Employees of Lebanon’s Banque du Liban began a three-day strike on Wednesday after a raid conducted in search of embattle central bank governor Riad Salameh.
The Tuesday raid was ordered by Mount Lebanon state prosecutor Judge Ghada Aoun. However, state security forces failed to locate Mr Salameh and the operation was criticised by prime minister-designate Najib Mikati.
Riad Salameh, who has been central bank chief since 1993, also faces corruption investigations in five European countries.
Announcing their strike, the central bank employees said the raid “affected the dignity of the Banque du Liban and its employees”.
They threatened an open-ended strike if the matter was not resolved, calling on Lebanese authorities to “intervene to put an end to these inappropriate behaviours by Judge Ghada Aoun, which deviate from all legal principles”.
Abbas Awada, the head of the central bank's union, had earlier insisted that “the dignity of the institution and its employees comes first. We refuse to be dealt with by militia methods”.
“We do not defend Riad Salameh but the institution, and we do not accept these methods,” he said.
Ms Aoun, who has been contacted for comment, has defended her actions. Earlier on Tuesday, state security forces had also raided a residence owned by Mr Salameh in Rabieh, north of Beirut.
A previous raid last month by Ms Aoun and security forces on Mr Salameh’s property in Rabieh failed to locate him.
Banque du Liban staff went on a one-day strike a week later to protest against “the unjust situation against the central bank and its employees, and to avoid later escalation”.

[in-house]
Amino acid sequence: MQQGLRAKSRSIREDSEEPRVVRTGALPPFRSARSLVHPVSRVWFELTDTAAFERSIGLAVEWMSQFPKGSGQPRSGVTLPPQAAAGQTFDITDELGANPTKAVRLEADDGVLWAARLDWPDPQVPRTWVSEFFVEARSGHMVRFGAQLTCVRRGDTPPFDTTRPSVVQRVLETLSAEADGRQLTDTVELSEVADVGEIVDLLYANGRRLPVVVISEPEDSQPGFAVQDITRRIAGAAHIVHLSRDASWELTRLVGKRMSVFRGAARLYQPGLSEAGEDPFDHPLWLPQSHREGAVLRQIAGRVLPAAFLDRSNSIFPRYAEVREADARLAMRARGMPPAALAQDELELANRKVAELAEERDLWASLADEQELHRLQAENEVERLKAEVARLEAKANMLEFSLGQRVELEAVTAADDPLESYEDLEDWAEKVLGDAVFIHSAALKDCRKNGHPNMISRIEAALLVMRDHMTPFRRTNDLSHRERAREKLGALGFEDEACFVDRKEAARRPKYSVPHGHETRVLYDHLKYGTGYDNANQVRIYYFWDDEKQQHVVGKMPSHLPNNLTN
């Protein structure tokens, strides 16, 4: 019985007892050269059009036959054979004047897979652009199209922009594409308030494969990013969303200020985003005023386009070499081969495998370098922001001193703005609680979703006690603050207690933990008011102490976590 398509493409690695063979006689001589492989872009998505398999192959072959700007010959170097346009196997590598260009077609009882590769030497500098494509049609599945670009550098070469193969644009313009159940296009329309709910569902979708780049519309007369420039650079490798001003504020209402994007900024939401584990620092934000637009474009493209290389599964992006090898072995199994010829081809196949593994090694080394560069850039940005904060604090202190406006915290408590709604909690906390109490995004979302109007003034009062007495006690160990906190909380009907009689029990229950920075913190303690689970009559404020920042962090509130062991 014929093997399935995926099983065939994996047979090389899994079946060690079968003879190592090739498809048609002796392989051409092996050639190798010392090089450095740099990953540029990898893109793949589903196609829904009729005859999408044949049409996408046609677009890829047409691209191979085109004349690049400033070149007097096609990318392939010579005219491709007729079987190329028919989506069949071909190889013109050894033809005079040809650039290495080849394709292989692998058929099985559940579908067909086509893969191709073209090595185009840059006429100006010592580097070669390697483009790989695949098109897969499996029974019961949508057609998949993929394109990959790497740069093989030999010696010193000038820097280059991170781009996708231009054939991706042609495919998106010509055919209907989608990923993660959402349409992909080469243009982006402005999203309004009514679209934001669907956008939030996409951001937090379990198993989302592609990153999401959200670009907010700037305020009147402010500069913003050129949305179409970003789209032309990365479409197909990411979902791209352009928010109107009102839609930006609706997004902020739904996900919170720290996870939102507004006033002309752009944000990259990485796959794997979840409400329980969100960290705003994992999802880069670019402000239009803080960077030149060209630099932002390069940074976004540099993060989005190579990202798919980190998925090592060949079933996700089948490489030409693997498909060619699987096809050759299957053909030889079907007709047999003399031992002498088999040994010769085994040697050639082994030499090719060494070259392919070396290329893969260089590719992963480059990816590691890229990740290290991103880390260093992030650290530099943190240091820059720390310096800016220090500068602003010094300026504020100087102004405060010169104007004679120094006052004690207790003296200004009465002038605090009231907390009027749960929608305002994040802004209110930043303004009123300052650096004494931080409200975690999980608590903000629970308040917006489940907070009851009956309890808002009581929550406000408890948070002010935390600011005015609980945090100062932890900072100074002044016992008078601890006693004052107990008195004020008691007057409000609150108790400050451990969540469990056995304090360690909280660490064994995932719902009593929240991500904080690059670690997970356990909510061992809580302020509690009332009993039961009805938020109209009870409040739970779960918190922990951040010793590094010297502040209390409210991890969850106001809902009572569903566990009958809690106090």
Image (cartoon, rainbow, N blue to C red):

The employees had described it as a “warning strike”.
Mr Mikati said the raid was not the appropriate way to deal with Mr Salameh’s case as such actions “threaten the stability of the country and can have unbearable consequences”.
“What is required is to solve this case with a prior political agreement on a central bank governor, and then take the appropriate legal course,” he said.
Ms Aoun entered the bank’s premises on Tuesday but left not long after following a separate judicial order asking her to leave.
She has pursued Mr Salameh for months. The central bank chief remains a highly controversial figure in Lebanon but retains the support of some influential politicians.
He is, in part, blamed for Lebanon’s devastating economic collapse, which first became apparent in 2019 and has plunged much of the country into poverty.
The local currency has lost more than 90 per cent of its value and there are widespread shortages of fuel, medicines, electricity and other essentials.
Raja Salameh was detained in March and released in May on a record bail worth $3.7 million.